Yesterday, Mile End retweeted a cheery announcement from the Red Hookbased O'Connell Organization that they'd just signed a 7,000-square-foot waterfront lease, to which the Boerum Hill smoked-meat palace appended its own exuberant message: "Suck it, flood-prone, stink Canal. We out!" Harnessing our instinct for detection, it seemed to us that Mile End could be moving production from Gowanus, where they currently share space with the hard-core picklers of Brooklyn Brine, to new digs somewhere along the dock of the bay, as it were. Today, Mile End proprietor Noah Bernamoff confirms, sending along an e-mail with the details. "Indeed," he writes, "we are moving our production facility to the Red Hook waterfront; trading trash lined streets for harbor views."
But that's not all. The new space means more room for some retail action. Bernamoff continues:
It's no secret that we have aspirations for Mile End as a retail brand, which means, naturally, that we need someplace to produce the sort of food that we strive to serve, ie. homemade food. Our commissary in Gowanus has reached its capacity with just the one delicatessen on Hoyt St in Brooklyn and catering/special events, so setting ourselves up for future growth on the production side is a necessary precursor for growth on the retail side.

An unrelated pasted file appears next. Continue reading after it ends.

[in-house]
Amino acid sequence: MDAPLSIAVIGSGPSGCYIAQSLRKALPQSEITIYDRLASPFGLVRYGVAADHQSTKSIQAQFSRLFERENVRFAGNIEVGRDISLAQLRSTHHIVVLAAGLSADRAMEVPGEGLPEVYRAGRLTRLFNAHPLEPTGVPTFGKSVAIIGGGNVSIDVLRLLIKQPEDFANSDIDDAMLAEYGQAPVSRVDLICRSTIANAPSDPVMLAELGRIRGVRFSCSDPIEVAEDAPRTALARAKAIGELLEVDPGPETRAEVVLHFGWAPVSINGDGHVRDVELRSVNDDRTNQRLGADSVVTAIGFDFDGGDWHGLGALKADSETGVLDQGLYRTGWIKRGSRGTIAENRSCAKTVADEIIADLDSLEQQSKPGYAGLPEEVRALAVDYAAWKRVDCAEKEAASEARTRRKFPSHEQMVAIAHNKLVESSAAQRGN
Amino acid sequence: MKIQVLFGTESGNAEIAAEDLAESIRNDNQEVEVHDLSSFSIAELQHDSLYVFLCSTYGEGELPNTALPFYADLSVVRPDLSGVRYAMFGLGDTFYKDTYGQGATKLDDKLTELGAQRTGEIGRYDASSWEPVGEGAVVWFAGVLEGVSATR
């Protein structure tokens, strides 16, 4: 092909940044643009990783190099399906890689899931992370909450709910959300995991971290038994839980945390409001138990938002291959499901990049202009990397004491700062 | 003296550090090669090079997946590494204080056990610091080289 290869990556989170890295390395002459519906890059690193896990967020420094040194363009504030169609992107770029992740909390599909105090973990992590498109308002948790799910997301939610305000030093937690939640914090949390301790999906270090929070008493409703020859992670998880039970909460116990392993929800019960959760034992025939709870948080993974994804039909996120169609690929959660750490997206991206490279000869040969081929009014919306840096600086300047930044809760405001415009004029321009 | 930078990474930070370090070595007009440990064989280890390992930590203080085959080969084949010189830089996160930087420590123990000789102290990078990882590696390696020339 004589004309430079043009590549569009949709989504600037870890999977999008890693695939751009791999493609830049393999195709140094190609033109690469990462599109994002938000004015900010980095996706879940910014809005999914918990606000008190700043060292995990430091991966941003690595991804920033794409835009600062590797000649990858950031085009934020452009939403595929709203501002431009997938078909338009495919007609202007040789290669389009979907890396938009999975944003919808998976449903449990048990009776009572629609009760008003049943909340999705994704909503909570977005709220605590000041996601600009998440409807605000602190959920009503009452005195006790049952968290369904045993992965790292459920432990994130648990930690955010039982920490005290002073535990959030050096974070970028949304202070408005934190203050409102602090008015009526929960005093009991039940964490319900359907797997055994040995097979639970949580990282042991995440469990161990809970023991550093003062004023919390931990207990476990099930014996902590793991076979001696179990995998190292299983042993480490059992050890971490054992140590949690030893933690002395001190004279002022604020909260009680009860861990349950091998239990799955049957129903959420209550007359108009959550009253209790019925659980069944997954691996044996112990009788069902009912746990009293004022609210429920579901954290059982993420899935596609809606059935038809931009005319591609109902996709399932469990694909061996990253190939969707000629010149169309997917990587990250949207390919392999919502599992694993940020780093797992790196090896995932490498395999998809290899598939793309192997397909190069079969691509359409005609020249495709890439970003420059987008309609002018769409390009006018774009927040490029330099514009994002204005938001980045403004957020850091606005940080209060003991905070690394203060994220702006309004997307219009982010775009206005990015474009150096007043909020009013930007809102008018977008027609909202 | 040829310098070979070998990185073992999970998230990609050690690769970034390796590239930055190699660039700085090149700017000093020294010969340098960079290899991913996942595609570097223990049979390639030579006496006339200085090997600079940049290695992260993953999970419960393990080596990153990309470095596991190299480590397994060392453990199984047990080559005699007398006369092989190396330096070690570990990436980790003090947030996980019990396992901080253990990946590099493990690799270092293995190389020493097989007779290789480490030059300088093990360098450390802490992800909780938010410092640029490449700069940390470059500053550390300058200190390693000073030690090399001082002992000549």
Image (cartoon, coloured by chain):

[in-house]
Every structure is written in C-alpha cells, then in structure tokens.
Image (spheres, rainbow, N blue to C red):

In addition to using the space for production, we will have a small retail store on the pier selling Mile End meats by the pound, loaves of bread, and a selection of pickled vegetables and mustards. We hope the residents and visitors to Red Hook can have an alternative to Fairway for certain basic, yet high-quality pantry items, all of which will be produced within the space.
With Sixpoint, Stumptown Coffee, Saxelby Cheese, and the Lobster Pound already running commissary or manufacturing operations in the neighborhood, it seems like Mile End will be in good company. Bernamoff adds that his target is to have the new operation up and running in time for the holiday season. And as for that Noho outpost of Mile End also in the works? It's coming along, too, he says.